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Extract Image Metadata with JSON Output Format

The JSON Output Format

Metadata is a powerful tool when working with images. It can tell you the dimensions of your image, DPI, camera EXIF data, and more—and each piece of data is a signal you can use with imgix to display your images to their best advantage with the JSON Output Format (fm=json).

All of the other imgix output formats are image formats like JPEG, GIF, PNG, WebP, or automatically determined by Automatic Content Negotiation. With the new JSON Output Format, you can read information about your images in a familiar, structured format. This opens up a host of new possibilities.

Easily Retrieve Image Information

The imgix JSON Output Format will cause an image request to return a JSON document rather than an image. This payload will have the MIME type application/json and represent several different aspects of the input image. This is done by adding fm=json to your imgix URL.

Using the JSON Output Format, you can read the DPI, color depth, color profile information, pixel dimensions, EXIF data, and more from source images. By default, imgix strips all image metadata for size and privacy concerns. When using the JSON Output Format, however, it will not strip that data and will format it as the response. Here is an example output for a simple JPEG input image:

  "Exif": {
    "ComponentsConfiguration": "1 2 3 0",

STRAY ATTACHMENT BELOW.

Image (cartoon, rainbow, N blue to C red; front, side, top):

"FocalLengthIn35mmFilm": 51,
    "MeteringMode": 5,
    "CustomRendered": 0,
    "InteroperabilityTag": 13424,
    "GainControl": 1,
    "ExposureProgram": 3,
    "ExposureTime": 0.003125,
    "DateTimeOriginal": "2014:09:14 16:34:09",
    "FocalLength": 25,
    "MaxApertureValue": 1,
    "SceneType": "1",
    "PixelXDimension": 4592,
    "ExposureBiasValue": 0,
    "DateTimeDigitized": "2014:09:14 16:34:09",
    "Contrast": 0,
    "ExposureMode": 0,
    "ExifVersion": "0230",
    "ISOSpeedRatings": 200,
    "ColorSpace": 1,
    "FileSource": "3",
    "WhiteBalance": 1,
    "FNumber": 1.6,
    "SceneCaptureType": 0,
    "FlashpixVersion": "48 49 48 48",
    "SensingMethod": 2,
    "SensitivityType": 1,
    "Saturation": 0,
    "Flash": 16,
    "LightSource": 9,
    "PixelYDimension": 3064,
    "CompressedBitsPerPixel": 2,
    "DigitalZoomRatio": 0,
    "Sharpness": 0
  "Orientation": 1,
  "Content-Type": "image/jpeg",
  "Output": {},
  "Content-Length": "5680640",
  "GPS": {},
  "PixelHeight": 3064,
  "PixelWidth": 4592,
  "TIFF": {
    "Make": "Panasonic",
    "ExifTag": 634,
    "ResolutionUnit": 2,
    "YResolution": 180,
    "DateTime": "2014:09:14 16:34:09",
    "YCbCrPositioning": 2,
    "XResolution": 180,
    "Software": "Ver.1.0  ",
    "Model": "DMC-GM1",
    "Orientation": 1
  "ProfileName": "sRGB IEC61966-2.1"

Different input formats will include different keys in their JSON output payloads. Please experiment with your own input images to see which keys will be included in the output document. For a more complex example, please click on the image below.

flower (opens in a new tab)

Using the new JSON Output Format, you can do more than just manipulate images with imgix. You can now reason about them as well. This has already led to richer applications for the customers using this feature.

Demo: Maintaining Aspect Ratios

To demonstrate some of the JSON Output Format's capabilities, we’ve put together a CodePen to show how to maintain the aspect ratio of several user-generated photos. Without access to the metadata, we would have to download the image and store its dimensions server-side to accomplish the same result.

In the example, by using just a few lines of JavaScript, we’re able to maintain the aspect ratios of our images without any server-side processing. We can read information about an image before we decide how we would like it to render, and use it to determine which parameters to apply.